2018 Guide to Groundworks and Foundations

What is the first thing you should think about when building a house?

Personally, with any project I take on I always reach for the phone and call my trusted groundworks friend, DT Groundwork Contractor, immediately after finalising the design. Why? you may ask. Well, the foundations of the house are the most important and I need to know if what I’m designing will be sufficiently supported. This process will almost always begin with groundworks and I wanted to share some advice to bear in mind before breaking ground on any project.

Starting off on the right foot

To begin with, you should know that having the right foundations is not only important to you but also to the local planning authority so they can assess that you have built it on the approved plans. Even when they have only been presented with a drawing with no dimensions they will scale the plan to determine whether proximity to boundaries and the levels of the plan have been met correctly. This is to reduce any issues of overlooking or overshading neighbouring buildings.

It is important to check the settings from the very start, so taking the time to sit with a contractor and get them spot on is worth the time. The best way to do this is drive pegs into where the corners of the building and rooms are and draw a line between them with chalk spray. The foundation trenches can then be dug so you have a good idea of where the building will sit and allow planning enforcement officers to accurately take measurements of where the property will lay,

Types of Foundation

Trench fill foundation

This type of foundation is preferred by self-builders and used by most large-scale operators in the groundworks businesses. Trench fill avoids the need to lay bricks below ground level. Concrete is poured to within 150mm of the surface ground level, which saves time and trouble. Additionally, the sides of the trench play just as important role in supporting the load as the basin of the trench. For this reason, trench fill foundation should only be used on stable ground where the trench sides are firm and fully capable of bearing loads. Clay and chalk soils are the ideal ground materials for trench fill foundations.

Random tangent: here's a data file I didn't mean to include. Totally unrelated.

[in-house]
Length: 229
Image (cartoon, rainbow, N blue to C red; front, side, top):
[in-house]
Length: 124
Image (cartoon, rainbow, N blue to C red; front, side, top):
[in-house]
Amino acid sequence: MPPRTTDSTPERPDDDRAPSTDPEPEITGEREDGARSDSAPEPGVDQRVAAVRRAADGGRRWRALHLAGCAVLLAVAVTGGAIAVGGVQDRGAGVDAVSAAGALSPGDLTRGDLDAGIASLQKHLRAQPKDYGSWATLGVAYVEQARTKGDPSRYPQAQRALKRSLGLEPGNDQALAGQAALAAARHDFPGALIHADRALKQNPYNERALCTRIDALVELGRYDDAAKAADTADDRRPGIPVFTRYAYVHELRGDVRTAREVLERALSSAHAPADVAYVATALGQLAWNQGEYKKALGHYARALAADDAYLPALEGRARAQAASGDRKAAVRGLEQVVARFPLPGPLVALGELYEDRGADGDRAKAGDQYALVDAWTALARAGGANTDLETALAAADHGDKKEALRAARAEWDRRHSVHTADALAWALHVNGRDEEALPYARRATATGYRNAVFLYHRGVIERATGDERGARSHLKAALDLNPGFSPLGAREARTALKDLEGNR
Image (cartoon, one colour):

Strip foundations

Strip foundations are usually wider and use much less concrete than conventional foundations by being thinner. This being down to the fact that they are usually only 300mm thick. Although, the exact dimension will be determined by the masonry courses of the walls up to the damp-proof course. If you are building on a sloping site, the foundations will need to be stepped to keep them level. These steps should overlap at least the width of the trench when concreted and that will mean shuttering them across. Strip foundations are often necessary when softer surrounding materials are available, such as softer soils and sand, since they are able to spread the load of the building over a greater area.